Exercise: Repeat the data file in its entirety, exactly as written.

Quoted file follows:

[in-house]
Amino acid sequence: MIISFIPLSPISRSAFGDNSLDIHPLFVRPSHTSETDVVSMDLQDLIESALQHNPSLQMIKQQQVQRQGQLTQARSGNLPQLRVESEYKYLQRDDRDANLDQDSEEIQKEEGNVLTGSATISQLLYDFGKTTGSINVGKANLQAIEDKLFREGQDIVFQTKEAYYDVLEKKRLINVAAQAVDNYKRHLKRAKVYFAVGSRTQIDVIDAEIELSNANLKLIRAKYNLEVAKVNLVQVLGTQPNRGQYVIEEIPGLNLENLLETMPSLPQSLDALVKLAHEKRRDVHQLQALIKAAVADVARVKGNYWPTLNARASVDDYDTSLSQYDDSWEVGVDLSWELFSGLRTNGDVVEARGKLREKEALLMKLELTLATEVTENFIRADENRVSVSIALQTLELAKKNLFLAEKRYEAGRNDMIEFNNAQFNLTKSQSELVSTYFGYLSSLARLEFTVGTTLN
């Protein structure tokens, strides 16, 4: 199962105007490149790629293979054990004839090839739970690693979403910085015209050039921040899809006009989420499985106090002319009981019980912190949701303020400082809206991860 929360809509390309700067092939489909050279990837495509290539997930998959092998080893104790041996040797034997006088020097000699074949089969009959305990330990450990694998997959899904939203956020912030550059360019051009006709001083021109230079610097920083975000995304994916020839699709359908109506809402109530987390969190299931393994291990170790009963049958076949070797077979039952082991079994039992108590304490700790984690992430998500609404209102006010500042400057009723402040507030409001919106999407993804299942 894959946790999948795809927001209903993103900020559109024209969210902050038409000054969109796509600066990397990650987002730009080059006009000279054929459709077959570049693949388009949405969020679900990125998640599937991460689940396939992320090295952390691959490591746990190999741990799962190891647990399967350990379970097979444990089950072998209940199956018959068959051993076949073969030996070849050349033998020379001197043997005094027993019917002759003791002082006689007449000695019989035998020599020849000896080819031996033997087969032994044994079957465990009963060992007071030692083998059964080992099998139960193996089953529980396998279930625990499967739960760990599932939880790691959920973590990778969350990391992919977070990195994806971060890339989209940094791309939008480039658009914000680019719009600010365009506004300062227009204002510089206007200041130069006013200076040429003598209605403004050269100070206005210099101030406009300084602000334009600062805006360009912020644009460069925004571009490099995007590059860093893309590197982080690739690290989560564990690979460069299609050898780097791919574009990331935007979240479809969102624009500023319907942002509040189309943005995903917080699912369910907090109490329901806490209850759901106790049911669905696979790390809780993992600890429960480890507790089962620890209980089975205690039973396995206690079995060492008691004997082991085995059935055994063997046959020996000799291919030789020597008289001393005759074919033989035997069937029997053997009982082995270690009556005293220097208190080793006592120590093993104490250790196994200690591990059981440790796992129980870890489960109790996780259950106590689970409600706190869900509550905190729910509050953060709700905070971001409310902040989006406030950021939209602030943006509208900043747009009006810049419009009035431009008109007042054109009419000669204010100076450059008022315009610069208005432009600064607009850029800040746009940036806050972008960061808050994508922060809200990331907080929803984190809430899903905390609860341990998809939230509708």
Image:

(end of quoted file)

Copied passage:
[in-house]
Amino acid sequence: MIISFIPLSPISRSAFGDNSLDIHPLFVRPSHTSETDVVSMDLQDLIESALQHNPSLQMIKQQQVQRQGQLTQARSGNLPQLRVESEYKYLQRDDRDANLDQDSEEIQKEEGNVLTGSATISQLLYDFGKTTGSINVGKANLQAIEDKLFREGQDIVFQTKEAYYDVLEKKRLINVAAQAVDNYKRHLKRAKVYFAVGSRTQIDVIDAEIELSNANLKLIRAKYNLEVAKVNLVQVLGTQPNRGQYVIEEIPGLNLENLLETMPSLPQSLDALVKLAHEKRRDVHQLQALIKAAVADVARVKGNYWPTLNARASVDDYDTSLSQYDDSWEVGVDLSWELFSGLRTNGDVVEARGKLREKEALLMKLELTLATEVTENFIRADENRVSVSIALQTLELAKKNLFLAEKRYEAGRNDMIEFNNAQFNLTKSQSELVSTYFGYLSSLARLEFTVGTTLN
């Protein structure tokens, strides 16, 4: 199962105007490149790629293979054990004839090839739970690693979403910085015209050039921040899809006009989420499985106090002319009981019980912190949701303020400082809206991860 929360809509390309700067092939489909050279990837495509290539997930998959092998080893104790041996040797034997006088020097000699074949089969009959305990330990450990694998997959899904939203956020912030550059360019051009006709001083021109230079610097920083975000995304994916020839699709359908109506809402109530987390969190299931393994291990170790009963049958076949070797077979039952082991079994039992108590304490700790984690992430998500609404209102006010500042400057009723402040507030409001919106999407993804299942 894959946790999948795809927001209903993103900020559109024209969210902050038409000054969109796509600066990397990650987002730009080059006009000279054929459709077959570049693949388009949405969020679900990125998640599937991460689940396939992320090295952390691959490591746990190999741990799962190891647990399967350990379970097979444990089950072998209940199956018959068959051993076949073969030996070849050349033998020379001197043997005094027993019917002759003791002082006689007449000695019989035998020599020849000896080819031996033997087969032994044994079957465990009963060992007071030692083998059964080992099998139960193996089953529980396998279930625990499967739960760990599932939880790691959920973590990778969350990391992919977070990195994806971060890339989209940094791309939008480039658009914000680019719009600010365009506004300062227009204002510089206007200041130069006013200076040429003598209605403004050269100070206005210099101030406009300084602000334009600062805006360009912020644009460069925004571009490099995007590059860093893309590197982080690739690290989560564990690979460069299609050898780097791919574009990331935007979240479809969102624009500023319907942002509040189309943005995903917080699912369910907090109490329901806490209850759901106790049911669905696979790390809780993992600890429960480890507790089962620890209980089975205690039973396995206690079995060492008691004997082991085995059935055994063997046959020996000799291919030789020597008289001393005759074919033989035997069937029997053997009982082995270690009556005293220097208190080793006592120590093993104490250790196994200690591990059981440790796992129980870890489960109790996780259950106590689970409600706190869900509550905190729910509050953060709700905070971001409310902040989006406030950021939209602030943006509208900043747009009006810049419009009035431009008109007042054109009419000669204010100076450059008022315009610069208005432009600064607009850029800040746009940036806050972008960061808050994508922060809200990331907080929803984190809430899903905390609860341990998809939230509708």
Image: